Looking East along the top to Carlton Bank

Looking East along the top to Carlton Bank

Heading towards Carlton Bank, you can see the Gliding club buildings, then we descend down to the Lord Stones Cafe.

Descending Carlton Bank

Descending Carlton Bank

As you walk down you pass the remains of excavations where Jet was extracted. Spectacular scenery as you descend.. the colours of the clouds are always interesting.

Cringle Moor in the distance

Cringle Moor in the distance

Two choices once you’re at the bottom, go round (MUCH  easier) or Over the TOP (you can see the path heading up in the picture). Apart from the first time I did the walk, when I nearly walked off a cliff(!) I always now go round.. its much easier.

Down from Broughton Bank/Broughton Plantation

Down from Broughton Bank/Broughton Plantation

Once you’re through the trail through the forest, you come to a small bench which is always useful to have a break at – then carry on down to the road at ClayBank. What goes down needs to go up……

The start of a steep climb up to the highest point in the walk(450m)

The start of a steep climb up to the highest point in the walk(450m)

The climb starts off fairly gentle but ends up in some very steep, slippery steps… but the view once you’re up is amazing (this is similar to the seperate pic I posted from Urra Moor) – same location.

Looking back (West)to Broughton Bank with Carlton bank in the distance.

Looking back (West) to Broughton Bank with Carlton bank in the distance.

From here, its somewhat of a slog to the Lion Inn at Blakey Ridge. The route follows a dismantled railway line, which is hard on the feet as its compressed cinders – it seems to go on for miles as it follows the valley contours – this section I normally do overnight. The Lion Inn is a welcome site – this is just under halfway.

The route across the top of the moor is clearly visible

The route across the top of the moor is clearly visible

This section suffers at times by low cloud. I got this far once and decided it was too dangerous to carry on, so had to backtrack.. by the time I got back to Osmotherley I had done 28 miles.

The Lion Inn is a welcome site, especially if you can time your walk so that you get their as it opens or through the day,, the beer and food is excellent.

The Lion Inn - a natural rest point!

The Lion Inn – a natural rest point!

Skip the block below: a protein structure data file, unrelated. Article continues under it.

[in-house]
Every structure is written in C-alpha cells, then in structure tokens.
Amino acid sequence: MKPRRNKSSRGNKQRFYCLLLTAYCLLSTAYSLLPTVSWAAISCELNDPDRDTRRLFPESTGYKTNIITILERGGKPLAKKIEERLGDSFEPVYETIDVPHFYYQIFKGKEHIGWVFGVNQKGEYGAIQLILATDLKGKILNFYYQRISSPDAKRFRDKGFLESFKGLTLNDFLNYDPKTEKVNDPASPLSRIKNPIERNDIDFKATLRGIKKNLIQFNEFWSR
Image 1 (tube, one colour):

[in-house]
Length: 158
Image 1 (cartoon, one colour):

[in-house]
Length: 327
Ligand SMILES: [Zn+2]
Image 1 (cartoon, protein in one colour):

I should also say that its not uncommon for this pub to be snowed in through winter ( 8 day lock in ) I have to say I can think of worse places to be stranded!

From here, rested, we set off to follow the road round to the next jumping off place….

The road to Castleton

The road to Castleton

The route goes round Rosedale Head and follows the road for a while until the track is picked up again as it heads off across the moor, crossing The George Gap causeway, descending into a challenging bog(you can see the path in and out, the rest you have to find for yourselves). If its been raining its an exercise in wading….

Once past this section, the route crosses Wheeldale moor.. another challenge(the route is shown by cairns of stones left by previous ‘Dirgers'(walkers)). Easy to take a bad step and hurt your leg in a pothole. One of the highlights is the ‘Blue-man-i-th-Moss’, a standing stone. Once the road is crossed, you get a view of Wheeldale Beck.

Wheeldale Beck

Wheeldale Beck

The beck is crossed by stepping stones which make the crossing easier – unless their has been heavy rain(it has been known for the stepping stones to be completely submerged which makes things a whole lot more interesting). Once up the other side, you climb up onto Howl Moor. Over the tumuli known as Simon Howe, the descend  down to Fen Bog, where the route crosses the track of the North Yorkshire Moors Railway. Up from here the route crosses a very busy road,

Fen Bog

Fen Bog Looking North back to Simon Howe

From here the route follows the perimeter fence of a RAF installation(when I’ve done this section at night is not unusual to have a conversation with the Military Police…!). From here the route crosses a boggy stretch to Lilla Cross on Lilla Howe…

Lilla Cross

Lilla Cross

From here, the beacon marking the finish point can be seen, but its still several miles away!

You can 'JUST' see the Ravenscar Beacon here..

You can ‘JUST’ see the Ravenscar Beacon here..

One final challenge is the Jugger Howe ravine….not what you need when by now you’ve done close to 40 miles across challenging terrain.

Jugger Howe

Jugger Howe

Since I took this pic the descent/ascent has been made much easier by steps being built. Their was a case where a group of walkers got this far then had to call out the RAF rescue Helicopter as two of the walkers were completely exhausted..(North Yorks Moors Rescue). This walk has a sting in its tail. I should say that at his point the group were only 2 or 3 miles from the finish.

Almost there - the beacon at Ravenscar.

Almost there – the beacon at Ravenscar.

The beacon isnt high.. but it takes a long time to reach it.. especially after walking through the night… but.. here’s the finish…

Thats it

Thats it

If you’ve made it this far I hope you’ve enjoyed the journey.. what are you waiting for? Thanks for reading.